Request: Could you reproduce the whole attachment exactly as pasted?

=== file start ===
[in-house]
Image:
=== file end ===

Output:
[in-house]
Image: